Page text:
Human-Wildlife Conflicts

What to do?

If you or anyone else has been bitten, call 911 or local law enforcement/dispatch at (828) 359-4131. Immediately wash wounds/exposed areas with soap and clean running water for 15 minutes. Exposure should be explained to emergency services.

Otherwise, assess the situation and respond accordingly- see below.  This will determine risk levels and appropriate responses.

Assess the Situation

1. Does the animal appear to be potentially rabid?

If Yes- Call 911 or local dispatch immediately. Rabies is a viral disease. When clinical symptoms appear, rabies is virtually 100% fatal. Do not attempt to handle or dispatch the animal yourself if there are signs of rabies.

Signs of Rabies in Animals

  • Aggressiveness or unusually fearfulness- coupled with-
  • Excessive movements or agitation
  • Salivating profusely
  • Seemingly confused- aimlessly wandering or biting objects
  • Muscle spasms and unusual postures
  • Seizures (convulsions)
  • Extremely sensitive to lights and sounds- but not necessarily leaving an area.

If possible, identify the species without risking exposure. See the CDC rabies exposure web site for more information.

2. Is the animal a danger to people?

Call tribal dispatch or law enforcement at (828) 359-4131.

3. Is the animal causing damage to property?

Call tribal dispatch or law enforcement at (828) 359-4131.

4. Is the animal a protected species?

Examples- non-game wildlife, wildlife out of hunting season (i.e. deer, elk, bears) or federally listed species- bats, flying squirrels, migratory and raptor (eagles and hawks) birds. If not an emergency, Contact Natural Resources- (828) 359-6109, email-


Can You Solve this Yourself?

Feeding wildlife is the #1 reason why there are nuisance and damage issues. There are intentional feedings where people provide hand-outs or unintentional where people leave trash or intend to feed birds instead of bears. If animals are removed after an incident, and feeding remains, other animals will take their place. If animals are removed, you must cease all feeding and work to enforce any visitor feeding as well.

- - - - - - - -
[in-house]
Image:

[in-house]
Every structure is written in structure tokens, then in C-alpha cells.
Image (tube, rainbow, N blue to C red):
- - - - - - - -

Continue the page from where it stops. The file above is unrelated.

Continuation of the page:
Although bird feeders are normally not a problem for small migratory birds, many animals are attracted to these feeders. If you have damage issues, we ask that you try to remove any feeders and do not put food out for domestic or wild animals.

Stay Clean- Clean up debris from around your property, which will translate to fewer rodents, snakes and other scavenging animals. If you have a lot of trash disturbance issues, you can purchase bear-proof trash cans. Bears and dogs often push over trash cans in our area.


Call an Outside Service 

You should not consider this section unless you have followed the above sections first.  Therefore, if it’s an emergency, you should have already called another entity. If the animal is protected per tribal code, we will work to aid landowners. If an animal is not protected by tribal code, you can call tribal dispatch, or a certified trapper or exterminator. A list of licensed trappers is regularly updated on the North Carolina Wildlife Resource Commission page ( If the issue is within the home or structure, a certified exterminator could be called as well. Because the animals are tribal resources, if outside sources are contracted, we wish to account for any activities. To further report the issue for our records- please call (828) 359-6109 or email: